Tuesday, November 24, 2015

7 things you might not know about the history of Thanksgiving

Taken from: Emma McFarnon, History Extra.

It is one of America’s most celebrated public holidays: a day of feasting, American Football and family. But how much do you know about the history of Thanksgiving? Here, we bring you some facts that might surprise you…

1) Tradition has it that the first Thanksgiving – a celebration of good harvest – took place in 1621, when English Pilgrims at Plymouth Plantation in Massachusetts shared a meal with their Native American neighbours. However, historian Michael Gannon this week told Florida Today that the first Thanksgiving celebration in North America actually took place in Florida half a century earlierOn 8 September 1565, he says, following a religious service, Spaniards shared a communal meal with the local native tribe.

2) According to the US National Archives, on 28 September 1789 the first Federal Congress passed a resolution asking that the president of the United States recommend to the nation a day of thanksgiving. A few days later, George Washington issued a proclamation naming Thursday 26 November 1789 as a “Day of Publick Thanksgivin” – the first time Thanksgiving was celebrated under the new Constitution. The dates of Thanksgiving celebrations varied as subsequent presidents came and went, and it wasn’t until Abraham Lincoln's 1863 Proclamation – in the midst of the Civil War – that Thanksgiving was regularly commemorated each year on the last Thursday of November.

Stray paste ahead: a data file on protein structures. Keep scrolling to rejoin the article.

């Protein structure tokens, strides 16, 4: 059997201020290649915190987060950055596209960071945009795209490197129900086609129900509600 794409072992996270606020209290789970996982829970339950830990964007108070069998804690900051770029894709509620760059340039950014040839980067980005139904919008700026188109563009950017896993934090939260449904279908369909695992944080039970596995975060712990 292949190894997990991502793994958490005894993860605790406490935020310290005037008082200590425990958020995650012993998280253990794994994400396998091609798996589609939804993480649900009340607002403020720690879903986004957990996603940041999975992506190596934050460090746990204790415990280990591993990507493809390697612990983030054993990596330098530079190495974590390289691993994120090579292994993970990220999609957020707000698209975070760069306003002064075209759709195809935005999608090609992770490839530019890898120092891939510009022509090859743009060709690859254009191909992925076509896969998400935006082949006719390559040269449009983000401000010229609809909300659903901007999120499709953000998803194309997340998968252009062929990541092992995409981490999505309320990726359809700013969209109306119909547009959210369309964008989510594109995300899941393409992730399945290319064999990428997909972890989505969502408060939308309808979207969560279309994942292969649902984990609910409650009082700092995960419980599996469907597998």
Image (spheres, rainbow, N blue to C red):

3) The US National Archives says that in 1939, with the last Thursday in November falling on the last day of the month, Franklin D Roosevelt became concerned that the shortened Christmas shopping season might dampen economic recovery. He therefore issued a Presidential Proclamation moving Thanksgiving to the second to last Thursday of November. Read more...